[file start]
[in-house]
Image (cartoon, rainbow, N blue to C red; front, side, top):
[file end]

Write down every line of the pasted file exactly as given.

[in-house]
Image (cartoon, rainbow, N blue to C red; front, side, top):